Posts Tagged ‘dad’

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One love

April 19, 2011

My son turned one today and I am amazed at how fast the year has gone. This time last year, my wife went into labor, we believe, due to the smoked ribs my friend Tad made for us the night before. Jill headed home and I stayed for drinks. It didn’t hit me until the next day that it was the last time it would just be my wife, daughter, and me at our home.

Since the first time I saw his face until now he obviously has changed. He started out with jet-black greasy hair to now stick straight blonde hair like his mother. He is almost walking and is showing signs of his dad’s impatience, temper, and sense of humor (especially bathroom jokes.) And as he has changed, I am constantly changing and learning lessons too.

Just this past weekend, we had a baby shower for a fraternity brother and his wife expecting a son themselves here soon. And upon arriving at the party, hugs, handshakes, and hi-fives gave way to conversations, laughing, and advice for the new parents. I love those guys. They are really more family than friends, and we pick up quickly from the last time we saw each other, even if it was a year ago. So Cam, lesson one that I have learned is you will never be alone, never be lost, and never without a smile with great friends.

After the party we all went back and got our kids and brought them together at the expecting parents house. What a torturous thing to do for two people waiting to have their first child…fill their house with six kids all under the age of five. (No turning back now, Mr. and Mrs. Benson.) Within five minutes our daughters and sons were playing, laughing, and having a good time with each other. And for some, they just met. Our kids know no prejudice; they don’t care about money, religion, or politics. The girls like big girl shoes and candy necklaces, the boys popping balloons with their mouths and throwing things. Cam, lesson number two. Be open, honest, and respectful to each person you meet.  Don’t ever lose the gift of seeing people for what we really are…people.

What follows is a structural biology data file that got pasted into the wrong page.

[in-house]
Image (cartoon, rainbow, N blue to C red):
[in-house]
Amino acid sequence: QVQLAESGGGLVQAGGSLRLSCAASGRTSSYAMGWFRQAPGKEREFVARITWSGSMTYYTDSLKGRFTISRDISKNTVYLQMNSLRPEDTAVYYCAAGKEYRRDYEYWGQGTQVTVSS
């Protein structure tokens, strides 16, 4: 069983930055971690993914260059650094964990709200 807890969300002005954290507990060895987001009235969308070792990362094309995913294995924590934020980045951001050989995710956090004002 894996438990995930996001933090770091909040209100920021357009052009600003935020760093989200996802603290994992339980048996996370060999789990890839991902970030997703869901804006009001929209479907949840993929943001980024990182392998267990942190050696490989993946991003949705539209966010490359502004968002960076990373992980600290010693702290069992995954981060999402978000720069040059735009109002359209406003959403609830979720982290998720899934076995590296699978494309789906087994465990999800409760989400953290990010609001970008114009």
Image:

And yesterday we had our big first birthday party. Family and friends joined us and watched as Cam decorated himself in cake and blue frosting. All the while, he just laughed, half-naked and all. Cam, here comes lesson three. Never take yourself too serious. I sure as hell don’t. I’m not perfect and never will be. That doesn’t stop me from trying to be great, rather knowing that mistakes are part of the game makes the score easier to tolerate when we don’t win. Keep smiling and give it all you have.

And the last lesson goes without saying. Your dad loves you and always will. You’ll never know how strong that love is until you have kids of your own; so for now trust me and thank you. Thank you for being my little man.

Happy birthday son.

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Having two kids is not that far from living back in the fraternity house

August 31, 2010

I have been blessed with two beautiful kids — two kids who are already throwing me back to the days of Delta Tau Delta at Ball State.

There is always a body function happening